Stephanie Cutter, a veteran Democratic strategist who guided Justice Sonia Sotomayor, said Supreme Court nominees should decline interview requests to avoid saying anything that could be taken out of context and become so problematic that it jeopardizes the nomination.
A nominee's judicial opinions, other writings and speeches provides their opponents with plenty of fodder to chew over, she said.
"You don't want to add anything new to it,” Cutter said during a recent Politico podcast.
Jackson wrote nearly 600 opinions as a federal trial and appellate court judge. Her nominee questionnaire tops out at more than 2,000 pages and the Judiciary Committee has access to more than 12,000 pages from the Sentencing Commission, where she once served.
She has been on a charm offensive since Biden announced her on Feb. 25, meeting individually with as many of the 100 senators as possible before the hearing, which will consume most of next week. She will spend at least two days answering questions from Judiciary Committee members before the full Senate votes on her nomination.
“That's something they need to be prepared for before they just walk into it,” said Dan Coats, a Republican former U.S. senator from Indiana who helped guide Supreme Court nominee Harriet Miers until she withdrew after encountering bipartisan opposition. President George W. Bush then nominated judge Samuel Alito, and Coats helped usher him to confirmation.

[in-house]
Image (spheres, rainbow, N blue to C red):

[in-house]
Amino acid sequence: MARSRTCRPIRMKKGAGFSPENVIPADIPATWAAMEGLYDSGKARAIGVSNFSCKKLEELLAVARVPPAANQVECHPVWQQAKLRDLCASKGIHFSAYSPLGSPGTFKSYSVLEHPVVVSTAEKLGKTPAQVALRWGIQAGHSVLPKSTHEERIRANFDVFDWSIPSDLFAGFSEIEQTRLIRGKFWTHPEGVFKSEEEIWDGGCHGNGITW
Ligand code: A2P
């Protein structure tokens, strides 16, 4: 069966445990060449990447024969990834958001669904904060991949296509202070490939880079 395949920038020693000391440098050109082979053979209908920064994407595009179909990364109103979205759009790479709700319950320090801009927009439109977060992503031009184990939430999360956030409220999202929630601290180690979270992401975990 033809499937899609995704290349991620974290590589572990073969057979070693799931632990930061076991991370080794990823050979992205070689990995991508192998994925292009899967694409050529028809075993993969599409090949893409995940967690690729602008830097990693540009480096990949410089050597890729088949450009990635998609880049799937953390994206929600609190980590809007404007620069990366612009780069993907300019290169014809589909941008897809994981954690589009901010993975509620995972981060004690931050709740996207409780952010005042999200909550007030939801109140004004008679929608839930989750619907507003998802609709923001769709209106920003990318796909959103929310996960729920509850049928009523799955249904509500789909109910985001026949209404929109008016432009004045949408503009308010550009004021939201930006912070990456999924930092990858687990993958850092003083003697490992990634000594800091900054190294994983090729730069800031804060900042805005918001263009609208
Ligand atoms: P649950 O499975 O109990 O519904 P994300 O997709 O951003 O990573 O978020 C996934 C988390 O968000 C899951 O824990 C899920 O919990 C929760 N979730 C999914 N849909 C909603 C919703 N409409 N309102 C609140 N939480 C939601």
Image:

Coats said his team's motto was “three months of hell, lifetime job" — a reminder that “it's going to be over in three months and then nobody's going to mess with you for the rest of your life.”
The timetable has narrowed considerably, though, since Alito's confirmation in January 2006.
Republicans rushed Amy Coney Barrett, the court's newest justice, through the process in about a month after her nomination by President Donald Trump. She joined the court just before the November 2020 election, which Trump lost.
Democrats are eyeing an equally swift process for Jackson, hoping she can be confirmed by mid-April to succeed retiring Justice Stephen Breyer. White House officials working on her nomination declined to discuss their process in any detail.
Coats said his team met at the White House every morning to review the list of senators the nominee was scheduled to see that day and go over their known concerns, anticipate questions and hash out answers. The team met again afterward to discuss how things went.
He said he counseled Alito to “keep a smile on your face.”
“It was the best unpaid job I ever had,” Coats said of his stint as a guide.
Korologos said he always advised nominees to “have the passion and enthusiasm of a commencement address, inspiring and lofty" in their answers, but at the same time “say nothing.”
He encouraged them to be deferential to senators and to follow one of his most important pieces of advice, something he calls the “80-20 rule."
In Korologos' view, a nominee is “winning” if senators on the committee are doing 80% of the talking. A 60-40 ratio means the nominee is “arguing” and is “in trouble.”
At 50-50, it's over. They've “blown it,” Korologos said.